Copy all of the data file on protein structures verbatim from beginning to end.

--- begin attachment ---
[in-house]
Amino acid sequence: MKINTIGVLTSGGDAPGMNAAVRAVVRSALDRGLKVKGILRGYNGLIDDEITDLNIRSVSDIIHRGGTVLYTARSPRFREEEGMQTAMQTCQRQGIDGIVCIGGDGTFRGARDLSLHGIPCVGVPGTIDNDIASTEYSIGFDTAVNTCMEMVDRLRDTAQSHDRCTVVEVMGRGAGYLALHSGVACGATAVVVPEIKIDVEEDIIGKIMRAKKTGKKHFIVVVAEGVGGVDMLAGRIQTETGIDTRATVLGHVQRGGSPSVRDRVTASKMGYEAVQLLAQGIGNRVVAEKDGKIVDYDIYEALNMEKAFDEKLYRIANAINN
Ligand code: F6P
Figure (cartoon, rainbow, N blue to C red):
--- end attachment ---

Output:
[in-house]
Amino acid sequence: MKINTIGVLTSGGDAPGMNAAVRAVVRSALDRGLKVKGILRGYNGLIDDEITDLNIRSVSDIIHRGGTVLYTARSPRFREEEGMQTAMQTCQRQGIDGIVCIGGDGTFRGARDLSLHGIPCVGVPGTIDNDIASTEYSIGFDTAVNTCMEMVDRLRDTAQSHDRCTVVEVMGRGAGYLALHSGVACGATAVVVPEIKIDVEEDIIGKIMRAKKTGKKHFIVVVAEGVGGVDMLAGRIQTETGIDTRATVLGHVQRGGSPSVRDRVTASKMGYEAVQLLAQGIGNRVVAEKDGKIVDYDIYEALNMEKAFDEKLYRIANAINN
Ligand code: F6P
Figure (cartoon, rainbow, N blue to C red):